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Great Hornbill

Scientific Classification

Common Name
great hornbill, great Indian hornbill, great pied hornbill, large pied hornbill, concave-casqued hornbill
Kingdom
Animalia
Phylum
Chordata
Class
Aves
Order
Coraciiformes
Family
Bucerotidae
Genus Species
Buceros (big horn) bicornis (two horns)

Fast Facts

Description
The great hornbill is a large bird with a very large bill, which bears a sizable, brightly colored, horny growth known as the casque. The body is mostly black with a white neck, wing coverts and flight feathers.
Size
100 to 120 cm (40 to 48 in.); 150 cm (5 ft.) wingspan
Males grow larger than females
Weight
Averages 3 g (6.6 lbs.)
Diet
Figs comprise a major part of the diet but the species also takes eggs, amphibians, reptiles, insects, mammals and small birds.
Incubation
25 to 40 days
Clutch Size
1 to 2 eggs
Life Span
35 or more years
Range
The great hornbill has a wide distribution and can be found in China, India, Nepal, Bhutan, Bangladesh Myanmar, Thailand, Laos, Vietnam, Cambodia, Malaysia and Indonesia. The large majority of the population is found in India.
Habitat
The Great Hornbill frequents wet evergreen and mixed deciduous forests, ranging out into open deciduous areas to visit fruit trees and ascending slopes to at least 1,560 m (5118 ft) in southern India and up to 2,000 m (6562 ft) in Thailand.
Population
Global: Due to consistent population densities within protected areas in west and northeast India and Thailand, their population is currently estimated at 23,000 to 71,000 individuals. This roughly equates to 13,000 to 27,000 mature individuals.
Status 
IUCN: Near Threatened
CITES: Appendix I
USFWS: Lower Risk/Near Threatened

Fun Facts

  1. The first two neck vertebrae of the hornbills have been fused to support their large bill. Though its bill looks quite heavy, is actually very light; it is made up of thin-walled hollow cells.
  2. This species is the largest hornbill found on the Indian subcontinent.
  3. It is said that the wing beat of a great hornbill can be heard more than a half mile away!
  4. The greater hornbill is able to consume as many as 150 figs during one meal.
  5. Hornbills are famous for their nesting ritual. Once courtship and mating are over, the female finds a tree hollow and seals herself in with dung and pellets of mud. The male gathers the pellets from the forest floor and swallows them and later regurgitates small saliva-covered building materials. He then gives them to the female who stays inside the nest leaving a slit for a window big enough to receive food and materials. For the next 6–8 weeks the male feeds the female through this opening. She does not emerge until she has molted and grown fresh feathers and her young is also feathered.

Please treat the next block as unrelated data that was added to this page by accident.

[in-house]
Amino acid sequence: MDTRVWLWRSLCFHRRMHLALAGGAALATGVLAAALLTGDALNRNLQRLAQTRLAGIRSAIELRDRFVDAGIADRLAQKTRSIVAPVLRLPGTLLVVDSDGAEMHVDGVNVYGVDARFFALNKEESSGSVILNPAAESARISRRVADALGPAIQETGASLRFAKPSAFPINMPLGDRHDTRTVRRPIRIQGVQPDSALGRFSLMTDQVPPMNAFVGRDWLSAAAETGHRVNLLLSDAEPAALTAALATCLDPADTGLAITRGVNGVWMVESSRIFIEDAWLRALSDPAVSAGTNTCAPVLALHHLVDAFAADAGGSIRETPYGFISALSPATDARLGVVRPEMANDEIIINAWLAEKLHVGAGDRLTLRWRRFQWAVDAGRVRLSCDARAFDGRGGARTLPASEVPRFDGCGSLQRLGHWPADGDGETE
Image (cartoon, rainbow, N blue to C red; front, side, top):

6. Some male hornbills are so exhausted after the nesting process that a few may die.

Ecology and Conservation

The abundance of this species tends to be correlated with the density of large trees, required for nesting, and it is therefore most common in unlogged forest. 

Hornbills consume a large number of insects and small animals that are seen as pests, so its future is important for a healthy ecosystem.

Population numbers for this species are rapidly declining in many areas of its range because of deforestation from logging. Due to their large size, these birds are also hunted for food, the pet trade, and for their beautiful casques.

A casque can fetch up to $90 and a single tail feather $15 in northeast India.


Bibliography

Austin, O. L. Birds of the World. New York: Golden Press, 1961.

Harrison, C.J.O., and Perrins, C. Birds: Their Life, their Ways, their World. New York: Reader's Digest Association, Inc., 1987.

Perrins, C. M. The Illustrated Encyclopedia of Birds. New York: Prentice Hall Press, 1990.

Prozesky, O.P.M.  A Field Guide to the Birds of Southern Africa. London: Collins Clear Type Press, 1976.

Birdlife International: birdlife.org

 pbs.org/edens/anamalai/creatures.html

Sacramento Zoo: saczoo.com/1_about/_animals/fact_sheets/great_hornbill2.pdf

BirdLife International. 2017. Buceros bicornis (amended version of 2016 assessment). The IUCN Red List of Threatened Species 2017: e.T22682453A111254552. http://dx.doi.org/10.2305/IUCN.UK.2017-1.RLTS.T22682453A111254552.en/. Downloaded on 01 November 2018.